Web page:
I'm at the age when I have to start going to funerals at an alarming rate.

When it comes to my friends, who were all non-theist, that is not a problem - they chose a neutral ceremony - but aunts, uncles and old neigbors are dying off fast, and some of them were Christians.

I feel not attending their funerals would be disrespectful, but singing psalms and pretending I'm praying makes me feel really bad! Almost as bad as if I hadn't turned up at all..

Your 2 cents on this?

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I'd probably go to the funerals of people who were important to me but politely abstain from the praying and singing. If anyone asked about it I'd respond "I'm not religious however this person was important to me so I feel I should be here to pay my respects."
I agree with Becca. I have no problem sitting or standing silently during religious song or prayer. I have attend funerals and baptisms expecting to sit through this sort of thing. However, living in the South, it seems like you can't get more than 5 people together for a meal without someone insisting it is not finished cooking until the food has been blessed.

I don't bow my head in mock prayer, or lip sync hymns. I'll sit quietly and maintain eye contact with whomever is leading the charade so they know not all of their captive audience are sheep. So far the respect has been mutual and nobody has ever questioned me about my piety, or lack of.
I completely agree. This past year and a half I've been to my fair share of funerals and I just go, give my condolences to the family, speak with relatives and friends in common and go my way. I don't participate in the religious service itself, if there is any, or the singing. Most of the people who know me already know how I feel about religion so they don't really try to "make" me be part of it.
Sing away, nobody will judge you for it and you're only there because of your relationship with the deceased, their family and friends, not the imaginary friend. I sing any number of non-religious songs and don't expect anyone to think I associate with the sentiments. It doesn't do any good to create a stir at a funeral, so sing away and blend in - it's just a way of paying your respects to the people concerned, not to a supposed supernatural power.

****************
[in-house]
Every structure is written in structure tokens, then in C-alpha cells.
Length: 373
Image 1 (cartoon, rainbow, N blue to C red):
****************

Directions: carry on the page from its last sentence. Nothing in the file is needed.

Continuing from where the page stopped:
The person who died will not know whether you participate or not. If it was me, I might go to the funeral out of respect for family members and loved ones, but they will know that I'm nonreligious.

I would feel dishonest if I sang a hymn, and if I felt pressured to do so I would feel manipulated and coerced. No friend of mine is going to coerce me into participation in a religious ritual and leave my last memory of them as a moment of resentment. I'll celebrate their life, but I won't participate in what, to me, feels like a social fraud.
I would feel dishonest if I sang a hymn

Music is just music. I don't see how this would be more dishonest than participating in a ritual dance with African animists, or helping my neighbors hide chocolate Easter eggs in the garden for their children to find.
I couldn't disagree more strongly. Music is powerful. This includes church music. It seems to hypnotize, it seduces, it enthralls. Music is used for many political and social purposes. It's not just music.

For me to sing "Amazing Grace" is for me to lie completely. Frankly, I feel almost like I'm being raped when I hear that song. To go to a funeral and be forced to not only listen to religious indoctrination, but sing along with it - the idea makes me very angry.

Amazing Grace, how sweet the sound,
That saved a wretch like me.
I once was lost but now am found,
Was blind, but now I see.

T'was Grace that taught my heart to fear.
And Grace, my fears relieved.
How precious did that Grace appear
The hour I first believed.

The Lord has promised good to me.
His word my hope secures.
He will my shield and portion be,
As long as life endures.

Yea, when this flesh and heart shall fail,
And mortal life shall cease,
I shall possess within the veil,
A life of joy and peace.

And so on.

I hate this and plenty of other hymns. If I sing along with it, I"m lying. Whatever other people do is their decision, but no atheist can be faulted for refusing to prostitute their voice in the name of religion, even at a funeral.